Most of the students at Royal Palm Elementary in Miami have Spanish-speaking families.
But those families also want their kids to speak – and read and write – more Spanish in school.
So teacher Alexandra Martin is leading her first grade class through “Vamos Papa,” with each child reading a passage from the Spanish language story. Martin helps students through proper pronunciation and words they stumble on.
This is the Miami-Dade public schools’ extended foreign language program, or EFL
Students have five hours a week of classes taught in Spanish with additional lessons in English. It’s not just reading and writing, but also math and science.
Spanish is part of everyday life in Miami, something that’s different from most of the rest of the country. But Miami-Dade is struggling to find enough teachers qualified in both English and Spanish.
“We had more [student} applicants than we could service, so we had to hold a raffle,” said Marta Garcia, principal of Royal Palm Elementary School, near Florida International University. Three students applied for each slot in Royal Palm’s EFL program.
“Parents have realized that it really makes a difference in their child’s education,” Garcia said. “To truly be biliterate and bilingual, it is a big advantage.”
Students who miss out on the EFL program get regular Spanish class – 2.5 hours a week.
Garcia said the parents of nearly all her students speak Spanish. But not all those kids are fluent in both languages.
She has the same concern when hiring teachers for the bilingual program.
“They might be able to speak the language,” Garcia said, “but when it comes to writing and reading it they might have a little more difficulty.”
School districts around the country are having the same problem.
There are more than 10 times as many dual language programs in U.S. schools as there were 15 years ago.
There's two reasons for the rising demand. More students are immigrants and must be taught English as a second language. And the ability to speak, read and write two languages is a valuable skill.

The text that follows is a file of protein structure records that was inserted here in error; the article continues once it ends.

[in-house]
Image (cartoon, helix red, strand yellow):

North Carolina schools found that students in bilingual programs outperformed peers in single-language programs. And that was true no matter the demographic subgroup. The state is now looking to expand bilingual programs.
One reason for that is that people who can speak, read and write in two languages can earn more than teachers make.
Royal Palm first grade teacher Alexandra Martin is certified in elementary education and Spanish education. She said bilingual teaching is also a lot more work.
“Everything is double,” she said.
Actually, more than double.
First, teachers have to plan the lesson – in English and Spanish.
Then they have to adjust lessons for each student based on how well they read and write.
Then teachers have to adjust the lessons again based on each student’s reading and writing skills in the other language too.
Rosa Castro Feinberg is a retired bilingual teacher and former Miami-Dade County school board member. She -- and the League of United Latin American Citizens advocacy group she is a member of -- have pushed the school district to keep expanding foreign language programs.
“We have held a leadership position nationally...since the 60s,” she said.
But she said extended foreign language programs aren’t ambitious enough.
“Not all elementary students will have access to opportunities to learn other languages,” Castro Feinberg said.
The EFL program is hard and not every student can handle the difficult curriculum. And students often can’t join the program in third or fourth grade if they didn’t start in kindergarten.
Castro Feinberg prefers the county’s original bilingual model.
Johanna Bautista leads her thirrd graders through a call and response lesson.
“Primero, las ninas,” Buatista said, prompting the girls to go first.
“Soy muy famosa!” the girls shout with sass – “I am very famous.”
The boys respond: “Soy muy famoso!”
In a science classroom, students learn about the scientific method in Spanish. The day before, they learned the same concepts in English.
This is Lorah Park Elementary School in the Brownsville neighborhood. There is no lottery to get into the bilingual program. Every student is taught reading, writing, math and science in English and Spanish.
Lorah Park uses another bilingual model developed in the 1960s known as BISO – bilingual school organization.
The majority of students are black, and almost none speak Spanish at home.
Lorah Park’s bilingual teachers have Cuban, Dominican and Puerto Rican roots. But not every school is so lucky. Just a handful of Miami-Dade schools have BISO programs. Expanding them would require the district to hire lots of new bilingual teachers.
It’s easier to add extended foreign language, where more than 60 schools have programs.
But Lorah Park Elementary School Principal Maria LaCavalla said the demand is there. About 15 percent of Lorah Park students live outside the school’s attendance zone and choose to enroll in the school.
Miami-Dade is working with Florida International University to train more bilingual teachers. And Florida is making it easier for people switching careers to become teachers.